By Michael I. Callanan, Executive Director, National Joint Apprenticeship & Training Committee for the Electrical Industry (NJATC)
You had to listen carefully, but in the course of President Obama’s State of the Union Address he proclaimed, “So tonight, I’ve asked Vice President Biden to lead an across-the-board reform of America’s training programs to make sure they have one mission: Train Americans with the skills employers need, and match them to good jobs that need to be filled right now. That means more on-the-job training and more apprenticeships that set a young worker on an upward trajectory for life.”
No matter your politics, most of us with responsibilities for training and workforce development would agree that we have failed to develop a comprehensive policy that enables us to meet the ever-changing needs of our industry and our customers! As I have written in the past, although the traditional apprenticeship model has served us well, today there are serious challenges that threaten its long-term stability and sustainability. The purpose of this article is to outline three important forces that threaten the apprenticeship model, and to advocate three immediate steps that can help ensure that the model remains an important part of U.S. workforce-development strategy.
First, there are significant economic forces that threaten the sustainability of the apprenticeship model. While the model’s goal to support an apprentice’s skill development serves the apprentice well, the employer must absorb the additional cost associated with the training. In today’s challenging business environment, employers are frequently unable to pass that cost on to their customers.
The economic forces, in turn, fuel the second major force impacting apprenticeship programs: competition. Global competitiveness in the construction and maintenance sectors have forced employers and owners to streamline their training and workforce-development programs. The result is fewer apprentices at a time when experienced workers are beginning to retire in droves.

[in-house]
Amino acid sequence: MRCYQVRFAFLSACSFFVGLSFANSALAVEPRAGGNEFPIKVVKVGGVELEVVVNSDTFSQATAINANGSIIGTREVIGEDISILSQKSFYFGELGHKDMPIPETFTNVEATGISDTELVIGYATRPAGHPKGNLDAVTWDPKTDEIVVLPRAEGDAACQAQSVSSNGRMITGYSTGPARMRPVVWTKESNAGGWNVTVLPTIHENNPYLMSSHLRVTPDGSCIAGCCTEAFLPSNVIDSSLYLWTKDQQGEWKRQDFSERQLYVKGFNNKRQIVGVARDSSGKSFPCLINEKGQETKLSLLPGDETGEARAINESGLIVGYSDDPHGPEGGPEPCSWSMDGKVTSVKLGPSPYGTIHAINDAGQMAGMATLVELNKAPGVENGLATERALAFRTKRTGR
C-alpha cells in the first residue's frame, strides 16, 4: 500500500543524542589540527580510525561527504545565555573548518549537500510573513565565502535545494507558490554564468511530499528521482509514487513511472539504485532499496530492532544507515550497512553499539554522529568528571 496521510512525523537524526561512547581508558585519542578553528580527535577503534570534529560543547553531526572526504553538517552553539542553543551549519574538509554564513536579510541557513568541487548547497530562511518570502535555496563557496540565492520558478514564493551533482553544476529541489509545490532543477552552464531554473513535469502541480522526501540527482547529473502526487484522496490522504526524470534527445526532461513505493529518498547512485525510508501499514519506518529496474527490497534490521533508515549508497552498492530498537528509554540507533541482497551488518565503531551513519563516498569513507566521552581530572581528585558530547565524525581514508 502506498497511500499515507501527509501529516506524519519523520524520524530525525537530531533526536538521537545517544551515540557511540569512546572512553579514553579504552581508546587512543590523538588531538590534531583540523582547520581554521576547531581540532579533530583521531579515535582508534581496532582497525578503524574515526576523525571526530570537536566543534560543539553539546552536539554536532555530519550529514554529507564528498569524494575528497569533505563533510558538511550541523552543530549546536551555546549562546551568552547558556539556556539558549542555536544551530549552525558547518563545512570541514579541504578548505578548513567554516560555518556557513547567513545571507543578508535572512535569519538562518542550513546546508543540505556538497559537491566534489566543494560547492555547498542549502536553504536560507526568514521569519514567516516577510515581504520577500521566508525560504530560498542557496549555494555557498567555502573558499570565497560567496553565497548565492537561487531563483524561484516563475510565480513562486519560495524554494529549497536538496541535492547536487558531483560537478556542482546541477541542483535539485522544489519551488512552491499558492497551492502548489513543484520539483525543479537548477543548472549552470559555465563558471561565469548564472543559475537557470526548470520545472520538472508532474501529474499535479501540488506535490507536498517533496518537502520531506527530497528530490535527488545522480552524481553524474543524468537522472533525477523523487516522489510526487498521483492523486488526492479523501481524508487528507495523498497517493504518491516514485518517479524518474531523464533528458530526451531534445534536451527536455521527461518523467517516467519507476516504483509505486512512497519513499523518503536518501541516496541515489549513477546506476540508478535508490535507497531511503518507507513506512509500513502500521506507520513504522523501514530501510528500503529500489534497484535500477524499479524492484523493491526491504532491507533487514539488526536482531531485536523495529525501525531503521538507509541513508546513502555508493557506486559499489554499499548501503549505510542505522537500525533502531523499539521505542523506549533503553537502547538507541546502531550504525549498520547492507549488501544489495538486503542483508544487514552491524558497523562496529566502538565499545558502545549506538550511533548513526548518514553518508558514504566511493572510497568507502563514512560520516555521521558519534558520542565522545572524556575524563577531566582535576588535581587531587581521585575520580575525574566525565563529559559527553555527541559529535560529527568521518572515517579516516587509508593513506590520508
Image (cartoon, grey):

The third major force is the challenge of demographics. All sectors are competing for an increasingly smaller pool of available entrants into their industries. The total number of applicants has declined to levels that are approaching 50% of what we have seen in the past. In some parts of the country, our programs are facing a potential pool of applicants that are either inadequate or insufficient for the industry’s needs.
There’s no simple fix to the problem. Dealing with all the challenges to the apprenticeship model will require action at a number of levels. To begin, we need to develop incentives for employers and program sponsors to create and offer apprenticeship opportunities for young men and women. Incentives can come in many forms, including tax credits and grants that reduce some of the financial burdens placed on employers and others who offer apprenticeship opportunities.
Next, we need to continue to redefine and develop innovative approaches to apprenticeship. In my last column, I discussed how my organization is implementing state-of-the-art blended learning models to improve the efficiency and effectiveness of our electrical training programs.
Finally, we need to capitalize on the recent spotlight that apprenticeship has received from President Obama and Secretary of Labor Thomas Perez. If this is our shining moment, we need to push hard and promote to employers and our elected officials how critical it is for them to find ways to revitalize and reinvigorate the apprenticeship model. MT&AP
NJATC (www.njatc.org) is the training arm of the IBEW and NECA. It oversees 300 program sponsors and 40,000 apprentices in the electrical industry.